A peep into life in Africa, through the eyes of an African Reformed Baptist pastor.

Water, water, water, everywhere. What else do you expect? I am a Baptist, and I live in the land of the mighty Victoria Falls!

Saturday, June 27, 2009

Our Wandering but Well-Supplied Annual Conference (1995-1999)

“The pillar of cloud to lead them in the way did not depart from them by day, nor the pillar of fire by night to light for them the way by which they should go. You gave your good Spirit to instruct them and did not withhold your manna from their mouth and gave them water for their thirst” (Nehemiah 9:19-20).

Here is my second instalment on the Zambian Reformed Conferences. In my previous blog on this subject, I wrote about the first five years. Those were glorious years. It was very clear to those of us who were organizing these conferences that an unusual movement of the Holy Spirit had started in the country, especially among the young people in our churches who had espoused the Reformed Faith. If we did not move apace with them, they were going to run over us. We had to keep the conference going, despite the two major challenges that I have listed below.
The years 1995 to 1999 were spent trying to find a suitable home for the conference. In 1995 we met in Lusaka at what was then called the College for Teachers of the Handicapped (now called the Zambia Institute of Special Education, ZAMISE). In 1996, we moved to Kabwe at what was then popularly known as Jim Ford’s Farm, under the auspices of Bethel Baptist Church (see photo of the leaders below). I guess Jim Ford's Farm has also changed its name since then. All the photos on this blog were taken during the 1996 conference. In 1997, we moved to Ndola and met at the Northern Technical College (NORTEC), under the auspices of Grace Reformed Baptist Church. In 1998 we were back in Lusaka, but this time we tried out the new facilities at Kabwata Baptist Church. When in 1999 we were celebrating the 10th anniversary of the Zambian Reformed Conference, we had made full circle and were back at ZAMISE in Lusaka.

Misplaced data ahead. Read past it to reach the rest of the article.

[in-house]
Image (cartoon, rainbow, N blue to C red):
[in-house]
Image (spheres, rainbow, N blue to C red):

From the organizational side, the other challenge during this period was that of getting good external preachers. Each year this was a nightmare. Those of us who live in Africa do not appreciate that we are not “the destination of choice” for many people in the West. The media (such as CNN and BBC) have painted the picture that Africa is about civil wars, malaria, HIV and AIDS, famine, droughts, corruption, coups, etc. Also, the airfares to Africa from any part of the world are not cheap simply because there is not as much traffic as there is elsewhere. So, getting good international preachers to come into the middle of Africa was never the easiest of tasks. In this entire period of five years, we only managed once to get two preachers (Pastor John Sale and Dr Hugh Thomson) in the same year (1997) from outside Africa. We were commended to them per kind favour of Dr Lazarus Phiri, who knew both of them personally while he was studying out there in the West.